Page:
Then I would like the Plone experts to generally check it over and point out anything that we could do better.

Then we can deploy it as a beta on gnome.org, fix the last few bugs, and see if it’s good enough.

18 thoughts on “New www.gnome.org: Plone people needed

  1. NoooooooooooooooooooooooooooooooooooooooO!!

    Please don’t make gnome.org use plone!

    The current design, url structure and everything else are great!

  2. I’m not sure why Plone is such a bad idea; it’s not different than anything else new to others. I’d be willing to invest sometime but I don’t have much to give. Maybe I could set aside a couple of hours every weekend or so. The README is pretty much the standard way to build a Plone site but i’m not sure if http://www.gnome.org is being proxied via apache or what. My day job involves Plone pretty extensively as I’m replacing pieces of nymag.com with it.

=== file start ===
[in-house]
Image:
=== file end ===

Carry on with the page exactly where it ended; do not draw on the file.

3. Lucas, I didn’t put anything on the RoadMap yet because the whole schedule has become so completely unpredictable. I think I’ll still wait a bit to see how it turns out.

    For the plone haters: I hate all CMS systems that I’ve ever seen. They all seem to force ridiculous structures and processes on us, while rarely offering the features that most people actually need. However, several GNOME people did a quite thorough review of several candidate systems and Plone was chosen (I believe) precisely because we seemed to have enough experts people to help, and because those experts were ready to adapt Plone to meet our needs. For instance, to add a real po/gettext-based translation system for content. We could be in the current situation with any other system, and we’d maybe have hit problems sooner or never even have got this close to deploying.